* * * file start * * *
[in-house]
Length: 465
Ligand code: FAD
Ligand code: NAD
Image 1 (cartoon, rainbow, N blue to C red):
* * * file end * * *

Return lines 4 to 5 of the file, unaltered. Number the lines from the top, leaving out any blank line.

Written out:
Ligand code: NAD
Image 1 (cartoon, rainbow, N blue to C red):